The beast charged out of the trees on all fours with a heart-stopping growl. It was a young male, no more than nineteen or twenty, from Cassie's best guess, and he'd half-shifted. Moth-eaten patches of reddish-brown hair covered his body, vicious claws tipped his large paws, and his snout bristled with sharp teeth. He was hunched and misshapen, and the skin peeping through the blotches of fur was a sickly gray. A pair of furry wolf ears sat atop his elongated head.
Cassie yanked on the door handle of the truck. Locked. The werewolf pounded down the driveway in a blur of motion, spewing gravel and dirt as he ran. Foam flecked his slathering jaws, and his eyes burned red with madness. How had he gotten past her security system? She must remember to run a spell check tomorrow.
If she lived.
She scrabbled in the side pocket of her purse for her keys, her heart doing a rapid tattoo against her ribs. Her fingers brushed a pen, a lipstick, and a wadded receipt. No keys. The werewolf was closer now, so close she could hear his labored breathing. She risked a quick glance at him and shrieked. He was almost on top of her, his black lips peeled back, exposing his deadly fangs. She whirled to run back to the safety of the house. Too far. She'd never make it. Desperate, she swung back around and whacked the werewolf on the nose with her purse, putting all her strength behind the blow. He yelped in pain. Hurling the purse at him, Cassie dived headfirst into the bed of the truck. Murmuring the first protection spell that popped into her mind, she bounded to her feet. Below her, the werewolf was tearing her abandoned handbag to bits. His head jerked up and he spied her standing in the truck. With a howl of rage, he leapt at the vehicle, his head and shoulders punching through Cassie's hastily erected ward. For a moment, he dangled there, back legs sawing at thin air, his sharp claws gouging the side of the Silverado with a metallic screech, then the shield collapsed and he fell into the bed of the truck. Surging to his feet, paws sliding on the slick liner, the werewolf fixed his eerie red gaze on Cassie.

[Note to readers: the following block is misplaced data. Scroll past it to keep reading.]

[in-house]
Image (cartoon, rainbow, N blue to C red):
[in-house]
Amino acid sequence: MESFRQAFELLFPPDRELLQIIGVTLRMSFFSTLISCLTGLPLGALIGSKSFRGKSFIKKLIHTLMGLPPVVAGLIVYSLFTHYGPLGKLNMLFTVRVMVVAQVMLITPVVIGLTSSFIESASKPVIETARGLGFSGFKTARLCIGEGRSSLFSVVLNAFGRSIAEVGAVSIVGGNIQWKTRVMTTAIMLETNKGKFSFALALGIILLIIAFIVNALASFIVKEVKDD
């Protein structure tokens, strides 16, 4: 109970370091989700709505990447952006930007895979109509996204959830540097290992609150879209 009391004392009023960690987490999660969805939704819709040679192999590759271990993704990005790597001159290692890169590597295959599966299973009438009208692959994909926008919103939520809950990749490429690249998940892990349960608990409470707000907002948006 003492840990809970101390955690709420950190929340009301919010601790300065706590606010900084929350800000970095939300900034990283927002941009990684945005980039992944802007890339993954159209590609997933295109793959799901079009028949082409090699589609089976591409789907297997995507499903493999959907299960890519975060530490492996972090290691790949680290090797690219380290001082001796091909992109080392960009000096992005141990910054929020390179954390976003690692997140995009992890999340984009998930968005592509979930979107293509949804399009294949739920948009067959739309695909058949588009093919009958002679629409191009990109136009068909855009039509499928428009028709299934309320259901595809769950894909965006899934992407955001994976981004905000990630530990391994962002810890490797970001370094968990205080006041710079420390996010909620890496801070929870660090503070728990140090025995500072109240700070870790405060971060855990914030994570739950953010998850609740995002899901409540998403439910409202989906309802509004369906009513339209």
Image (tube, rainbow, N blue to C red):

"N-nice doggie," Cassie stammered as the werewolf raised his hackles and rumbled low in his chest. "There's a good boy."
The beast pounced with a snarl. Cassie screamed and threw her arms in front of her face, bracing for the agony of slathering jaws tearing at her flesh, and heard a dull thud at her feet. Something hot and wet splashed her skin. Lowering her arms, she saw the werewolf's severed head lying on the floor of the truck. Blood spurted from the neck stump and pooled on the polyurethane bed liner. The malformed body twitched once, twice, and went still.
Excerpted from "Demon Hunting With a Sexy Ex"
Copyright © 2017 Jean Webb.
Excerpted by permission of KENSINGTON PUBLISHING CORP..
All rights reserved. No part of this excerpt may be reproduced or reprinted without permission in writing from the publisher.